Adverbs are words that modify: VERBS ANOTHER ADVERB ADJECTIVESAdverbs also answers this questions: WHEN WHERE HOW
VERBSPlace the adverb before or after the verb that ismodified.Example:When businesses knowingly deceive customers, they areviolating ethical standards.Example:Do not illegally copy paper or electronic documents.
ADVERBSPlace the adverb immediately before theadverb being modified.Example:We very precisely judged the commute time to our new client’s office.Example:Ruby did extremely well on the ethics section of her real estate exam.
ADJECTIVESPlace the adverb immediately before theadjective.Example:The courtesy of greeting others within your own firm is universallyacceptable in the United States.Example:Downsizing is becoming an increasingly popular way for businesses to lowerexpenses.
WHEN Example:Soon she displayed her work.Soon is the adverb in this sentence because itdescribes when she displayed her work.
WHERE Example:His keys hung there.There is the adverb in this sentence because itdescribes where his keys hung.
HOW Example:I quickly ate my lunch.Quickly is the adverb in this sentence because itdescribes how I ate my lunch.
Many adverbs are made by adding –ly onto the end of an adjective.KindThe boy kindly carried the old lady’s bags.StrangeIt was strangely quiet in the village.
Adverbs may be single words, prepositional phrases or infinitive phrases. Examples:The new machine works well.(single word)The machinist placed the tools inside the cabinet.(prepositional phrase)Mr. Santos came to see the computers.(infinitive phrase)
Single-word Adverbs may be noun-words use asadverbs, common adverbs not ending in –ly or adjectivesending in –ly. Noun-words used as adverbs. Afternoon Upstairs Today Downtown Common Adverbs not ending in –ly. Forever There Not Well Adjectives ending in –ly. Safely Steadily Truly Gratefully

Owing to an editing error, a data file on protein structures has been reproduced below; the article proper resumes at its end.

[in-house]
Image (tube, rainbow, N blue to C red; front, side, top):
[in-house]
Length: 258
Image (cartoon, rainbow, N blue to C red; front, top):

Most adverbs are formed by adding –ly to an adjective. Theeasiest way to spot adverbs is to look for the telltale –ly suffix.Rules to change an adjective to an adverb form.1. If the base word ends in –l, add –ly; successful – successfully truthful – truthfully2. If the base word ends in –y, chande y to I and add –ly; day – daily speedy – speedily3. If the base word ends in –e, drop the e and add –ly; able – ably simple – simply4. If the base word ends in –ic, add –ally; critic – critically scientific - scientifically
Comparison of Adverbs is done by usingvery, so, or too, adding –er or –est suffixes, andputting more or most (less or least) beforethem.Like Adjectives, Adverbs have three degrees ofcomparison :Positive degree – expresses the quality withoutcomparison. Comparative degree – compares two verbs, adjectives, oradverbs.Superlative degree – compares three or more verbs,adjectives or adverbs.
Comparison of Adverbs •More, less or using -er are used to express the comparative degree. •Most, least or using -est are used to express the superlative degree.POSITIVE COMPARATIVE SUPERLATIVEgood very good so goodsoon sooner soonesthappily more happily most happily
Irregular adverb forms are closely related toirregular adjective forms.POSITIVE COMPARATIVE SUPERLATIVEwell better bestbad/badly worse worstfar farther farthestAbsolute adverbs such as always, never and one o’clockcannot be compared. For instance, we cannot say more always,most never or more one o’clock. again almost before ever here now then there thus too twice very
GROUP 3 Sayson, JosephGarcia, Jan ClarenceLacuna, Dan Michael CEMT 1-3 THE END